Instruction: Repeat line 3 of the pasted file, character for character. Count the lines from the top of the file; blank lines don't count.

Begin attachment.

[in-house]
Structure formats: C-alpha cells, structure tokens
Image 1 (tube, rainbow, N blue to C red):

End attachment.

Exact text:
Image 1 (tube, rainbow, N blue to C red):